Norway's sprint regulars, Maiken Caspersen Falla and Ingvild Flugstad Østberg took the top two spots on the skate-sprint podium at the Toblach World Cup, while two U.S. women landed in the top 10 and four of five made the heats.
American Kikkan Randall finally found her old groove and raced to her best World Cup result of the season, finishing in third in Saturday's freestyle sprint in Lahti, Finland. In a close finish, Marit Bjørgen of Norway won yet another World Cup race, expanding her lead in the overall standings and the sprint standings.
Longtime friends and teammates Ingvild Flugstad Østberg and Maiken Caspersen Falla, of Norway, were out for some redemption after their fourth-place finish in the 2013 World Championships team sprint, and they got it with a sizeable win over Sweden's Ida Ingemarsdotter and Stina Nilsson, while Poland's Justyna Kowalczyk and Sylwia Jaśkowiec were thrilled with bronze.
Marit Bjørgen's gotten used to winning opening mini tours in Kuusamo, and she seems to have no problem getting off to a strong start in the first of three races in Lillehammer, either. "It is always fun to win," she told NRK after her second-straight World Cup sprint win in Friday's 1.3 k freestyle sprint.
If anyone was going to deny Kikkan Randall of her third-straight skate sprint win, a feat that hasn’t been achieved on the World Cup since Marit Bjørgen's similar winning streak in 2006, it was most likely going to be Bjørgen. The 33-year-old Norwegian stayed calm and collected to do so, leading three Norwegians in the top four as Randall finished fifth in Sunday's Toblach sprint.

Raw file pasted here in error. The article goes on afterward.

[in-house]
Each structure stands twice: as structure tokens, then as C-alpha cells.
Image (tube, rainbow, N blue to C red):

It’s not easy being Justyna Kowalczyk — always breaking trail, always having the weight of Poland on her, and in a classic distance race at home on her birthday without any Scandinavians in the field? Forget about it. She was easily the favorite for Sunday’s World Cup 10 k classic mass start in Szklarska Poręba, Poland. That didn’t make winning any easier.
Kikkan Randall made a statement out of Saturday's freestyle sprint in Szklarska Poręba, Poland, winning each of her heats, including the final, with some tactical smarts on a flat-and-fast course. Another American, Jessie Diggins notched a career-best sprint result of fifth, and five Americans landed in the top 15.
Justyna Kowalczyk's out and Marit Bjørgen's on top. That was the biggest news of the day coming out of the Tour de Ski's prologue opener in Oberhof, Germany, on a rainy afternoon that was slow for everybody. The Americans weren't complaining, with fast skis that helped Jessie Diggins and Sophie Caldwell tie career bests in fifth and ninth, respectively.
Marit Bjørgen might be the best skier in the world (although Justyna Kowalczyk would have something to say about that). Kikkan Randall might be the best sprinter. But after a tight photo finish in the Davos freestyle sprint today, both realized they will need to get even better if they want go into the upcoming Olympics feeling confident about gold.
After making a risky lane choice - albeit one that had worked in the past - Kikkan Randall ended up touching skis with Stina Nilsson of Sweden in the final of today's World Cup sprint. While she didn't fall, it may have cost Randall something - she only lost the race by 2 centimeters. U.S. coach Matt Whitcomb reviewed the video and called the incident a valuable learning experience.